Tuesday, February 6, 2007

D. F. Wallace: Fiction vs. Nonfiction

I read David Foster Wallace's The Girl With Curious Hair when I was still in college, in 1989 or so. I remember thinking it was interesting, but coldly experimental, and that I was going to go on-board as being anti-David-Foster-Wallace. Even in those early days, it was clear that he was a thing people were going to be for or against. And it felt personal, too: I decided I didn't like DFW, the guy, because I didn't like what I thought he was doing with fiction. Which was showing off.

Then Infinite Jest came out and just reaffirmed my opinion -- the longest book ever! What a show off! I tried to read it, but couldn't get past the cute year names.

But then over the years I read little bits and pieces of his work, including his essay "A Supposedly Fun Thing I'll Never Do Again," which is about going on a cruise and is one of the funniest things I've ever read, but also intimate and thoughtful and only slightly show-offy. All of his non-fiction is like this: rambling, inquisitive, and self-consciously brainy. Even his essay about Tracy Austin.

The impression I have when reading DFW's fiction is that it tangles you up and leaves you hanging in a sterile, literary space, while his non-fiction takes you to a real place. His essays give you the feeling (though it might not be true) that you're getting to know a person named DFW who is a thoroughly entertaining fellow; meanwhile his observations are surprising and enlightening.

This pertains somewhat to the latest story, Good People, from last week's New Yorker, even though it's not even the least bit experimental and has been described by other bloggers as being kinda post-ironic, or something. I had the interesting experience of falling asleep while I was reading the last page, and dreaming up an ending, and reading the real one. My dream ending was a political one - that the boy in the story realized he could really have no opinion about the abortion because he was a boy.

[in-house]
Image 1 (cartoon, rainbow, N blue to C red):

And maybe that's why I didn't like the story, ultimately, though I do like DFW and his rambling brain, these days. Because I'm tired of abortion-from-the-boy's-point-of -view stories. It's a legitimate literary experience, of course. But.

Is it too sweeping to observe that there are fewer abortion stories from the female point of view? I've certainly read plenty of abortion memoirs by women, but not so many short stories. Is it because the fictive voice lends itself so well to distance and "watching the other" -- because fiction is so much about mystery?


5 Red Pandas said...

Just wanted to chime in my similar feelings of misgivings about the DFW story, for the same reasons. I was irritated with the narrative voice and became impatient with it.

Am I remembering correctly an Alice Munro story about a nurse who works at an illegal abortion clinic in Canada? I thought I'd read a story like that in the New Yorker in the '90s. That's the only female point of view abortion story I can recall.

zoe said...

You're right. I don't remember a fictional abortion story other than that Munro one. Isn't that story about a woman whose father ran an illegal clinic? I need to go and look that up.
Why wouldn't women write about abortion? I haven't read much stuff by women about rape either, though I've read quite a few things by men where rape features. Do women shy away from these issues? Or do we feel it's a cliche? Hmmm...

Peacock said...